Mercenary sentenced to 34 years for Africa coup plot
A court in Equatorial Guinea Monday sentenced mercenary Simon Mann to over 30 years in prison for his role in failed 2004 coup in which the son of former British prime minister Margaret Thatcher was also implicated, dpa reported.
The BBC reported that a Malabo court handed Mann, a former British soldier, 34 years and four months in prison for plotting to overthrow President Teodoro Obiang Nguema.
Co-accused Lebanese businessman Mohamed Salaam received 18 years while another four Equatorial Guinean nationals were given sentences of 6 years each.
The sentence was heavier than prosecutors demanded during the trial in June.
Some reports have suggested, however, that Mann, 56, may be pardoned after cooperating with the authorities and pointing the finger at his alleged co-conspirators.
Mann, who was extradited from Zimbabwe in January to face trial in the tiny, oil-rich West African nation, has admitted he was involved in the plot, but claims he was not the brains behind it.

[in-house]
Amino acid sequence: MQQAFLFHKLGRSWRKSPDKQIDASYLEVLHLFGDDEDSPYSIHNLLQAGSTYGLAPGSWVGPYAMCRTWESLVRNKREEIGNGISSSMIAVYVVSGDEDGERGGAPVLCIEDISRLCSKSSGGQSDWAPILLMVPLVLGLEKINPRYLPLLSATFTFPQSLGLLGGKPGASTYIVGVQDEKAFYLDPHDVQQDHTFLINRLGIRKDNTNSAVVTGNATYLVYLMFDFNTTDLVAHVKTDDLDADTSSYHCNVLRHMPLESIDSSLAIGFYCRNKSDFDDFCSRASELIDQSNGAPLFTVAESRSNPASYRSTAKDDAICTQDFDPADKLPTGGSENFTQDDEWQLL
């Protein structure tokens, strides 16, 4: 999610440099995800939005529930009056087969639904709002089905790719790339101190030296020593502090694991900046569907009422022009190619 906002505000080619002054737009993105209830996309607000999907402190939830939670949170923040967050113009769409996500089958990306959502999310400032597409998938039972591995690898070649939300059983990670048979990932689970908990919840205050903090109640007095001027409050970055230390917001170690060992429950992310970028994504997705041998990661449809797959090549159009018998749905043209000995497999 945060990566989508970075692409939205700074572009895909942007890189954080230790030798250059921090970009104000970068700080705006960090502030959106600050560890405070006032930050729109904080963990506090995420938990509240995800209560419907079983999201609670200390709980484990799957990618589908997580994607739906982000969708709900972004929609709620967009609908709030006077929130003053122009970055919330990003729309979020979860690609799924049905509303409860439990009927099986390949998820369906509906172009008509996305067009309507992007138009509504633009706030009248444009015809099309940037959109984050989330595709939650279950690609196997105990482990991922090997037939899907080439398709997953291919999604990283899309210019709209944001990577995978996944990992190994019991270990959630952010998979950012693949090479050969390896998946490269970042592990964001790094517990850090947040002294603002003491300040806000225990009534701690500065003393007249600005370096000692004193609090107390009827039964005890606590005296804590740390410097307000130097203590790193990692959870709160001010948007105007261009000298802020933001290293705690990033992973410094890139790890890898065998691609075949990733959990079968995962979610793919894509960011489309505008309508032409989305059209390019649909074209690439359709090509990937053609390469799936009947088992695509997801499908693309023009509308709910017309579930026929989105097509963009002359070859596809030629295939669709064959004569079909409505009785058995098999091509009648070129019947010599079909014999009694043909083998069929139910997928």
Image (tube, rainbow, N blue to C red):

During his trial, Mann said that Sir Mark Thatcher and London-based Lebanese millionaire Eli Calil were key organizers of the coup and that Spain and South Africa rubber-stamped it.
He also claimed that the United States gave tacit approval to the coup attempt.
Thatcher had agreed to provide a helicopter to transport opposition leader Severo Moto, then living in Spain, to Equatorial Guinea to take over from President Teodoro Obiang Nguema, Mann claimed.
However, Thatcher, who was fined 500,000 dollars and given a four-year suspended sentence in South Africa in 2005 for his part in the coup, has said he thought he was providing a helicopter for an air ambulance company in West Africa.
Equatorial Guinea has issued arrest warrants for both Calil and Thatcher and said it would seek the extradition of the two men to face trial.
Mann, a former SAS officer and ex-pupil at Britain's prestigious Eton College, was arrested in Zimbabwe four years ago along with more than 60 others when they attempted to pick up a shipment of arms and served four years there before being extradited.
Many of Mann's co-conspirators are already serving jail sentences.
South African arms dealer Nick du Toit is amongst that group, although Amnesty International claimed that the trial convicting him was flawed.